“This was the year to set up recruitment for clinical studies,” says Bush. “Science should be king in our industry, and with extra revenue and profits there’s more opportunity to prove out that concept. I’d look at spending money on IP and clinical work as much as I’d look at ways to market directly to consumers.”
“There are so many supplement companies with a million SKUs,” says Bush. “Look at a subscription model like Persona or Tespo, where personalized supplements show up on your doorstep every month. That’s a better way to add convenience and compliance. I’ll always stick with convenience, as long as it’s not outrageously expensive.”
With that initial COVID-19 bump in sales, most brands jumped into the fray to meet consumer demand. Now’s the time for some reflection and analysis to parse the bump. “Who bought during the bump?” asks Hood. “Obviously this pandemic accelerated the pivot online toward DTC and Amazon.”
“COVID-19 accelerated the move toward consumer-centric e-commerce by four or five years,” says Craven. “You have to speak social media and digital marketing—with rapid partnering—to get there. The competition online is just crazy.”
“Double down on whatever makes you special,” says Craven, “whether that’s quality, storytelling, or new product development.” Put the money into what’s worked so far to differentiate from the pack.
Hood concurs. “Just because you’re in supplements does not mean you will automatically sell for a big price to a large strategic,” he says. They’re called “strategics” for a reason. “Strategic acquirors are looking for focused brands that fit their approach to health and wellness,” he says. “They want brands that really understand their reason to exist and the reasons they are likely to outpace category growth.”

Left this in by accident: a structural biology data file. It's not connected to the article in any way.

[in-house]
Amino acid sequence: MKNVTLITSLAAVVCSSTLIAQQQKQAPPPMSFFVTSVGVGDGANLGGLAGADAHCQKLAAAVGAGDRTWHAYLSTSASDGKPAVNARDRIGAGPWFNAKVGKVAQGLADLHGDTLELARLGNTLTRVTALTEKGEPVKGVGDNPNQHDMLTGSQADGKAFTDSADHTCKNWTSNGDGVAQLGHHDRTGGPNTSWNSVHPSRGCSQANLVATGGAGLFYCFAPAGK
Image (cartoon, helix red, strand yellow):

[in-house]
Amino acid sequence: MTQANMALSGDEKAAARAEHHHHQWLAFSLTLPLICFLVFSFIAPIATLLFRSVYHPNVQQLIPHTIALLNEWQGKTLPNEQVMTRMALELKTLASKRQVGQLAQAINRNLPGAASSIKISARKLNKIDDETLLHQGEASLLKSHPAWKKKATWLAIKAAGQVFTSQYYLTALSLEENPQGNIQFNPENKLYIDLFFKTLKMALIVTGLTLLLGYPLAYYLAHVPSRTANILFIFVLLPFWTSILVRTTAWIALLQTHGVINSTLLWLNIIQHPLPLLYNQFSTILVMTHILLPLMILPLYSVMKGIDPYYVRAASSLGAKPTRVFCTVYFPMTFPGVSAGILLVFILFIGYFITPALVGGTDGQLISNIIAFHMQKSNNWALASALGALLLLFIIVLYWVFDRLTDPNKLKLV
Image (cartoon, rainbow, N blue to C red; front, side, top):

For larger brands with COVID-19 sales to reinvest, Craven suggests an acquisition strategy. “If you’ve got an extra $10 million, you could leverage some debt and buy two or three little brands,” he says. “There are lots of steals coming as some of these startups run out of money.”
Another way to boost innovation for lasting value? Fund it internally. “The bigger supplement brands should look at creating a skunkworks,” says Craven. “Hire someone who understands agile practices, rent them some office space away from your team, and let them build MVPs (minimum viable products). Turn them loose to study the data and get creative.”
COOs may offer a different perspective. “Anything you can do to make your products higher quality will create value,” says Gould, “but if it were me, I think dry powder is not the worst thing right now. If you’re an independent brand, sock away some cash. The next 18 months is going to be a highly unpredictable environment.”
In defining the COVID-19 bump and resetting to some new normal in 2021, the real debate lies with customer retention post-pandemic. Will the new customers stay? Will they decrease their spend, or downgrade to cheaper products? Sure, but maybe just a little.
“COVID-19 led to a massive period of trial,” says Hood. “Those new consumers have already stuck around to now convert. A growth rate in the mid-teens may not sustain going forward, but we do believe there will be a higher base on other side. Nobody is expecting a massive decrease in 2021 sales.”
That’s especially true in a category like immunity, which, perhaps, has been permanently elevated up the condition-specific totem pole as an everyday health concern. “Everybody is trying to figure out if their products affect the immune system,” says Bush. “That backs off a bit, but it’s really not going anywhere.”
This article was featured in the Nutrition Business Journal Guest Editor Issue. The guest editor was Whipstitch Capital's Michael Burgmaier.